An orphan is a vulnerable child left without adequate familial provision and protection from evil. There is real evil in the world – evil that will always seek to abuse, neglect, and rob vulnerable children. Orphan Law is that body of law that relates to addressing and alleviating the affliction of these vulnerable children.
The only update on the table for this week is R.R.C. v. D.G.C., 2131047 (Ala. Civ. App. March 13, 2015), a unanimous opinion authored by Presiding Judge Thompson.
R.R.C. is the “former husband” and D.G.C. is the “former wife” and mother of C.R.C.. R.R.C. and C.R.C. were married at some undetermined point. During their marriage, C.R.C. was born to the mother. Now, notice what I didn’t say here: I didn’t say that “R.R.C. and C.R.C. had a child during their marriage.”
And that’s the whole point. In the judgment of divorce, R.R.C. was required to pay child support in the amount of $1,160.00 – no small amount. However, R.R.C. did not believe he was the biological father of C.R.C. So, R.R.C. asked the circuit court to reexamine the question of paternity.
However, I find it interesting to note that R.R.C. didn’t approach the circuit court with this question until two years after the divorce was finalized. That means that he paid $27,840.00 in child support before he took any legal action to challenge his paternity of C.R.C. Unfortunately, we don’t have the back story, but something smells fishy.
Whatever the reason for the two-year delay, when R.R.C. did come to the circuit court he came with a DNA test, which showed that the probability of R.R.C. being the biological father of C.R.C. was 0%.
Presiding Judge Thompson starts his analysis by reminding us of the rule that, “[a]lthough the divorce judgment made no express adjudication of paternity, a judgment ‘requiring a man to pay child support is an implicit determination of paternity.’”
R.R.C. brought his request to the circuit court on the basis of § 26-17A-1(a), Code of Alabama, which seems pretty straightforward – allowing R.R.C. the relief he requested. However, D.G.C. responded with a res judicata argument and asked the circuit court to dismiss.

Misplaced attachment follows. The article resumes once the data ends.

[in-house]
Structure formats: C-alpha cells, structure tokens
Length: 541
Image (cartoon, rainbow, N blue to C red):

Now, I have to say at this point that I am pretty impressed with the D.G.C.’s res judicata argument – which basically states that because the R.R.C. didn’t raise this issue in the divorce proceedings or appeal the divorce proceedings, he could not raise the issue at a later time. Apparently, the circuit liked the argument too and dismissed R.R.C.’s petition.
R.R.C., who was looking at a 16-year child support bill of $222,720.00 for a child who was conceived through D.G.C.’s adultery, took the sensible course and paid his attorney (some amount less than $222,720.00, I’m sure) to appeal the circuit court.
The Court of Civil Appeals (Civs) explains a few principles relating to res judicata that are worth mentioning here:
- An appeal from a determination based on res judicata is heard de novo.
- Alabama maintains two exceptions to the doctrine of res judicata:
- Rule 60(b)(6), and
- Section 26-17A-1, Code of Alabama, which of course is most pertinent to the case at hand.
The Civs reversed the trial court on its decision not to open the matter for a reexamination of paternity. The Civs said that R.R.C.’s LabCorp report showing him to have 0% probability of being C.R.C.’s father was sufficient evidence to reopen the case – and that res judicata should not bar the circuit court from further examining the matter.
An interesting issue to look for when this case comes back to the circuit court is whether R.R.C. will ask the circuit court to order D.G.C. to reimburse R.R.C. for the child support “wrongfully” paid – at least $27,840.00.
So, this seems like a good result for R.R.C., but a bad result for C.R.C., who now lacks both an actual and legal father. Our only hope for C.R.C. may be that he finds comfort from adoption into God’s family through the work of Christ: “Father of the fatherless and protector of widows is God in his holy habitation.” Psalm 68:5.
Photo by libertygrace0.